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Coosa County





Cuthbert, Georgia - FRANK M. ALLISON, of Cuthbert, Ga., was born in Harris County, Ga., December 10, 1842.  His father, Green A., was born in Jones County, Ga., in 1808, but moved to Harris County at an early date, where he lived until 1849.  He then located in Coosa County, Ala., where he died July 4, 1866, at the age of fifty-eight years.  He was a farmer by occupation and a highly respected citizen.  He served in the Indian war of 1836 in Florida, under Gen. George Nelson.  His wife, Jane F. (Scott) Allison, is a native of Putnam County, Ga., and a descendant of Gen. Winfield Scott.  Frank M. was reared on the farm in Alabama.  In 1862 he joined the Confederate service as a private in Company C, Second Alabama cavalry and soon afterward was elected lieutenant of the company, and was in command the greater part of the time.  At the close of the war he was left with nothing, and he was compelled to go to work at anything he could find to do to make an honest living.  He worked at the carpenter’s trade at Verona, Miss., until 1866, when he went to Cuthbert, Ga., and clerked in stores until 1871.  Through his industry and economy he then had a small capital to start business, which he accordingly did.  His business has prospered well since that time.  December 16, 1869, he was married to Miss Ellen Slaughter, daughter of Bradley and Emma (McGrooder) Slaughter.  Mr. Allison is a member of the F. & A. M. and the Baptist Church.  [Source: Biographical Souvenir of Georgia and Florida by FA Battey & Co., 1889 - Transcribed by LA Bauer]

Educator, born in Soccapatoy, Coosa county, Ala., 184-. Her maiden name was Alice Phillips. On her mother's side she is descended from the Scotch families of Campbell, McNeill, Wade, and Hampton, of Virginia. On her father's side her ancestors were the Dowds and Phillipses, of North Carolina. Her father, James D. Phillips, was a Whig who clung to the Union and the Constitution, doing all that lay in his power to avert the Civil War. Alice, just out of school, was full of the secessionist spirit, but a strong advocate of peace. Her early desire to enter the profession of teacher was opposed by her parents, but she resolved to follow her inclination, when, at the close of the Civil War, her family shared in the general desolation that lay upon the South. She became a teacher and for several years made successful use of her varied attainments. In 1868 she was married to A. J. Baggett, continuing her school work after marriage. In a few years her husband became an invalid and Mrs. Baggett then showed her mettle. She cared for her family of three children and assisted her brothers and sisters to get their education. Her husband died in 1875. Since that time she has served mainly as principal of high schools in Alabama. She has done much work for the orphans of Freemasons, to which order her husband had belonged. Wherever she has worked, she has organized, systematized and revolutionized educational matters. She now resides in St. Augustine, Fla., where her work is highly successful. Her family consists of one surviving daughter.  [Source: American Women Fifteen Hundred Biographies, Volume 1, Publ. 1897, Submitted by Marla Snow]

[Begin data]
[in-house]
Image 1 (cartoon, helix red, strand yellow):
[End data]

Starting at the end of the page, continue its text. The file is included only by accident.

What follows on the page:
Humorist, born in Hatchett Creek, Ala., 4th July, 1872. Her home has always been in her native town, excepting the time spent in school. Although one of the very youngest of the rising writers of the South, Miss Goza has already acquired a wide reputation as a writer of humorous and dialect stories. She has chosen the dialect of the people of the Alabama mountains, and she has made skillful use of that peculiarly interesting jargon. She is a regular contributor to the Burlington "Hawkeye," the Atlanta "Sunny South," the Cleveland "Plain Dealer," the New Orleans "Times Democrat," and many other prominent journals. Her success has been marked and remarkable. She is a prolific writer, and in the quaint people around her she has abundant-material for her future work. She is distinctly original, and her sketches record much that will be of interest to the future students of American folk-lore. She has published one volume, "The Fall of Queen Prudence."  [Source: American Women by Frances Elizabeth Willard, Mary Ashton Rice Livermore, Vol. 1, 1897. Submitted by Marla Snow ]

John W. Tatuns was born in Calhoun County, Ala., in 1835, came into Cherokee County in 1868, and in January of that year married the widow of M. J. Alexander, a daughter of Dr. William and Rebecca W. (Parker) McElrath. Mr. McElrath was born in Spartanburg District and his wife in Tennessee. The Doctor graduated in medicine from the Cincinnati Medical College, and in 1836 located in Coosa County, Ala. In 1839 he came into Cherokee County, and settled within three miles of Centre, where he practiced medicine until 1837. In that year, his wife's health having become impaired, he gave up his practice and turned his attention to farming.   The Doctor was a public-spirited man, noted for his charity, and for his interest in the general good of his neighborhood, he died in 1885 at the age of eighty-seven years, leaving a large estate. His wife had died the year before. His father was a native of Ireland.   John W. Tatuns at his death, in 1884, left three children: Samuel C, Leonora I., and Westly S. He was a consistent member of the Methodist Episcopal Church and a highly respected citizen.  Source: Northern Alabama - Historical and Biographical by Smith & De Land, Birmingham, Ala 1888 - Transcribed by Veneta McKinney


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